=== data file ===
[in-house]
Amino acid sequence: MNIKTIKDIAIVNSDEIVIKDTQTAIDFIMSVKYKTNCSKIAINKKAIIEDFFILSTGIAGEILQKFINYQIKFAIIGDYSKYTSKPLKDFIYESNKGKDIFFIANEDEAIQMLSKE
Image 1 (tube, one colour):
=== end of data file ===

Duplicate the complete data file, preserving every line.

[in-house]
Amino acid sequence: MNIKTIKDIAIVNSDEIVIKDTQTAIDFIMSVKYKTNCSKIAINKKAIIEDFFILSTGIAGEILQKFINYQIKFAIIGDYSKYTSKPLKDFIYESNKGKDIFFIANEDEAIQMLSKE
Image 1 (tube, one colour):